Bereavement

When someone has died

The death of your child, your brother or sister, or grandchild, whether sudden or expected, changes everything. The ways in which families make sense of, and cope with, their grief vary greatly. Everyone’s bereavement journey will be unique.  But grief is normal – and necessary – and needs to be expressed. There are a number of organisations and charities, both local and national, who can help. Their details are given at the end of this section.

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Nature of grief

No one knows how they will feel or react after the death of a child. It can feel as though your whole world has come crashing down, and everything that was previously known and familiar has collapsed. People describe a ‘rollercoaster’ of emotions, ranging from numbness to turbulent anger, feelings of guilt and profound sadness to perhaps a certain relief.
Some parents may wonder if they will ever feel positive or happy again. It is important for families to trust their own instincts about what is right for them as individuals. Other family members and friends may experience or express grief differently, which can be difficult. Children grieve in different ways to adults and the bereavement needs of brothers and sisters and other children need to be recognised and supported.
 
Finding a way through grief

Child Bereavement UK has the following guidance for parents and carers

  • Go gently with yourself. Grieving is exhausting, but it is survivable. As human beings, we have deep resources inside ourselves to heal and move forward, if we only allow ourselves the time to express the pain first. It can be especially difficult for parents, grandparents and carers to look after themselves at this time. 
  • Taking some exercise, such as going for a walk, may help you feel less tired and tense.  Parents need to be encouraged to make a little time to do something that they enjoy.
  • Many people find they are helped when they give themselves time to express their feelings. Talking or writing are just two ways to do this. Talking could be with friends and family or with doctors, nurses and professionals who knew and cared for your child. It could be with a helpline, or befriender from a local support group; or with a local religious leader or chaplain or counsellor. More details are given at the end of this section. 
  • Grief is not about forgetting the person who has died, but about finding ways to remember them and take their memory forward with you in life. Finding ways to remember your child can take time, as many familiar objects will be poignant and painful, but over time you may find that, for example, you can revisit and add to the memory box which you perhaps began shortly after the time of death.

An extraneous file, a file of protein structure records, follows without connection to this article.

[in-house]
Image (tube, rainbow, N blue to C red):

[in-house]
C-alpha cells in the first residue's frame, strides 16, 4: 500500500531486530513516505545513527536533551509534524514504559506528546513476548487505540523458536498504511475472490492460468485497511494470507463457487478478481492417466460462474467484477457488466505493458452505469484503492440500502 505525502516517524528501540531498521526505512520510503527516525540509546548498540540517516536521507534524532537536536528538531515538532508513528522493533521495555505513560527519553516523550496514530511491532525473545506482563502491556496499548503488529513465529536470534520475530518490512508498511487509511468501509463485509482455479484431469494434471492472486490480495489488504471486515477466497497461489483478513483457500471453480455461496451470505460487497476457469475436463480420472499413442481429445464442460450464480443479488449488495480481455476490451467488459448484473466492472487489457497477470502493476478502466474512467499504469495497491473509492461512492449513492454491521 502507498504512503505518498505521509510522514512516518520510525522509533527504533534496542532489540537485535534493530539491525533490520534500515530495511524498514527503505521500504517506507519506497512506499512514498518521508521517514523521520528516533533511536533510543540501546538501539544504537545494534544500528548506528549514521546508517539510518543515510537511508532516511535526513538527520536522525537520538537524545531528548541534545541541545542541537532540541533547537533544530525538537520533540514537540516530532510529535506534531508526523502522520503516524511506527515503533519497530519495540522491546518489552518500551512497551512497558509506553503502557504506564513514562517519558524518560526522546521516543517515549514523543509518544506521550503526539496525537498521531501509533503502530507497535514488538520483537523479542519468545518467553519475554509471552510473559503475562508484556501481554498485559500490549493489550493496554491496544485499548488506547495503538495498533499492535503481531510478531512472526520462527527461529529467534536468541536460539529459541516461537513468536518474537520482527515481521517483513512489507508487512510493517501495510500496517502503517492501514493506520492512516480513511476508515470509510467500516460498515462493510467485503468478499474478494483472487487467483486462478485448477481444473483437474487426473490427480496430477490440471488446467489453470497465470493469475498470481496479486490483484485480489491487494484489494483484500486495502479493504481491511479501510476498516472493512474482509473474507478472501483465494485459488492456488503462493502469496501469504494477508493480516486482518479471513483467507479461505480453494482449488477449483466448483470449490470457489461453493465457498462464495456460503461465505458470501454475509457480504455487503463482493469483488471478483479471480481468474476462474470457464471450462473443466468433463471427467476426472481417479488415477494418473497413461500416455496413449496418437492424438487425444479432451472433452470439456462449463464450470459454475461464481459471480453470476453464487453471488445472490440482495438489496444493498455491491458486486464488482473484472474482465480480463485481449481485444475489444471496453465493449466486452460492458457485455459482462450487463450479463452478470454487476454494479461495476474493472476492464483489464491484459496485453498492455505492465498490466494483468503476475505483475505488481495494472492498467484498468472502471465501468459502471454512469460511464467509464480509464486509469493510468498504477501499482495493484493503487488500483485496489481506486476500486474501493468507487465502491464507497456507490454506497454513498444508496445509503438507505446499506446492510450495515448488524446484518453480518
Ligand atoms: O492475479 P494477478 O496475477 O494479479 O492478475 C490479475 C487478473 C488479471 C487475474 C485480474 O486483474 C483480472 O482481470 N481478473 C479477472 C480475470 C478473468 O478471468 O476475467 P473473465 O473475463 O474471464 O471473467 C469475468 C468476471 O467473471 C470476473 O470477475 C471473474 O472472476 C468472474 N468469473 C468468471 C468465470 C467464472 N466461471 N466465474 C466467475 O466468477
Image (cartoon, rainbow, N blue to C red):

• There are no rules in grief; these guidelines may or may not help. You are your best guide. Listen to yourself; learn what works for you and what drives you crazy. Accept that what helps initially may not do so as time goes by.
  • Whatever happens, try and be kind to yourself, give yourself time to heal, and trust that, although it may initially feel impossible, there is light at the end of the tunnel.


Supporting bereaved children

Winstons Wish has the following reminders for parents and carers in supporting bereaved children:

  • Remember that ‘super parents’ don’t exist. Just do what you can, when you can. Be gentle on yourself.
  • There is more than one way to support your children. Choose the things that you feel most comfortable with.
  • Accept that some things just can’t be ‘made better’ in a short space of time.
  • Talk to children using words they understand and ask questions to check they have understood you.
  • Give information a bit at a time if your children are younger. Pieces of the ‘jigsaw puzzle’ can be put together over time to make the complete picture.
  • Show children how you are feeling: it helps them to know that it’s OK to show their feelings too.
  • Encourage children to ask questions and keep answering them – even if it’s for the 100th time.
  • Answer questions honestly and simply; and be willing to say ‘I don’t know’.
  • Try to find ways in which children can be involved.
  • Keep talking about the person who has died.
  • Trust yourself and your instincts – you haven’t forgotten how to parent your child.
  • Look after yourself too.

 
Where you can get help and support in bereavement

National organisations

National organisations such as Child Bereavement UK and Winston’s Wish have a great more information on their websites, and both have helplines which you can ring. Child Bereavement UK has an app for teenagers as well. 

They also have more detailed information on specific aspects of bereavement, such as the different ways in which men and women grieve; going back to school and work; ways of handling birthdays, anniversaries, and special occasions.

There are other national organisations, such as Together for Short Lives and Compassionate Friends, whose websites have useful information. Great Ormond Street hospital has a valuable service called Child Death Helpline.

Bluebell Wood Children’s Hospice

Bluebell Wood Children’s Hospice

01909 517 360
Bluebell Wood Children’s Hospice, Sheffield, South Yorkshire

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Forget Me Not

Forget Me Not

01484 411040
Russell House, Huddersfield

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Martin House Childrens Hospice

Martin House Childrens Hospice

01937 845045
Martin House Children's Hospice, Wetherby

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St Andrews Hospice

St Andrews Hospice

01472 350908
St Andrew's Hospice, Grimsby

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